And finally from last week… when I decided that cascade green would be my treat purchase, I wanted to have a play before having bought it. I made the mistake of using a burnt sienna version of PrB7 rather than a light version Raw Sienna-ish! But I was liking the mixes anyway and I thought I would try a bit of cling film to see what all the fuss is (numerous painters seem to be addicted to this technique)


And then (truly this is the last image for this post!) I did a little play which turned into a ‘winter scene’. This is pure fantasy – I have never experienced anything remotely like this. I often do abstract colour sketches for warmup and experimentation but rarely bother to share them with you.

Ok… that is enough for now. So, in summary,  Cascade Green is fun, but I haven’t yet got it to do what I want when I am doing my normal sketching.


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11 Comments

  • I rarely play with color like this…unless right on a painting! I guess I like to live dangerously! (Or truth be told, have so little patience!) All these comments lead up to why I am not a good artist! Always love seeing what you are up to, Liz!

  • Liz Steel says:

    yes- they don't always do what they are advertised to do when you get them home!

  • Liz Steel says:

    it doesn't always – trust me! Many end up in the bin!

  • Liz Steel says:

    handprint.com is a great site. I found Jan Hart's book on colour great- but it is hard to great.
    Honestly, the way I got to know my colours was from using them!!!!! That really is the only way. A minimal palette is a good start and then expand it when you find it hard to mix certain colours (ah! idea for another post)

  • Liz Steel says:

    wow – that sounds insane – I can't imagine what temps like that are like!

  • Liz Steel says:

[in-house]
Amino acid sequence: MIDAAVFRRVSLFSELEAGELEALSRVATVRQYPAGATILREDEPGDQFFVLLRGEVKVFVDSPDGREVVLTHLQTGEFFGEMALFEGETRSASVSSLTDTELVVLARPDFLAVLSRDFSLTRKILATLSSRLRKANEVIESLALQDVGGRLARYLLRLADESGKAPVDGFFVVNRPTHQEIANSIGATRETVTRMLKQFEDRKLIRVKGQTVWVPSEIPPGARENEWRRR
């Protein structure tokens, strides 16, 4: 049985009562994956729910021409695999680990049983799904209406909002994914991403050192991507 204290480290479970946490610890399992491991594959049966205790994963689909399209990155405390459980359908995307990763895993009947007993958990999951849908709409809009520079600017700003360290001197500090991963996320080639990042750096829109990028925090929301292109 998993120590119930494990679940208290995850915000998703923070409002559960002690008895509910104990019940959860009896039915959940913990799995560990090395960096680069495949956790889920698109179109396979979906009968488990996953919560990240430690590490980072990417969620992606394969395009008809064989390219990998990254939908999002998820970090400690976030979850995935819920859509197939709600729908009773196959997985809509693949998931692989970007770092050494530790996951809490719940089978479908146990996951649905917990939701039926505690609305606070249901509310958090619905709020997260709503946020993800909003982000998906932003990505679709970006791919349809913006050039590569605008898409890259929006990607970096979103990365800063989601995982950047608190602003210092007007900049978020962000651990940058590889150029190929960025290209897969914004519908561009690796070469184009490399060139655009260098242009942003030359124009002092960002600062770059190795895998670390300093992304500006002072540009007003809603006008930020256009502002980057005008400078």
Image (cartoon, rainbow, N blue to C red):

Hey Sherry – don't rate yourself 'not a good artist' ok? Honestly living dangerously is a very fun way to go as well. But some days just pure playing without the production of an art is good!

  • I almost bought the Cascade Green last time I was in Merriartist but they do this great thing where they show full size versions of the primateks and other strange separating colors from Danial Smith and in the end, I liked some other colors better. As you say, even in their very deep washes on samples, the color Cascade Green didn't quite do what I wanted it to, which is give me a pow of color and then separate so it is a bit unpredictable.

  • SusanA says:

    I love your winter scene, Liz. Wish my play turned out that beautiful!

  • Gabriella says:

    Fascinating and beautiful use of the Cascade Green. I love your posts about colors. I am still a baby when it comes to using them and am still trying to put together a coherent palette. If you have any book or posts on the subject that you recommend, I'd be glad to read them.

  • Lynn O. says:

    I am surrounded by trees and snow in Saskatchewan, Canada (temperature this morning -32 degrees Celcius). Your fantasy snow scene beautifully captures the view from my window.

  • Gabriella says:

    Thank you, Liz. Maybe the library has this book.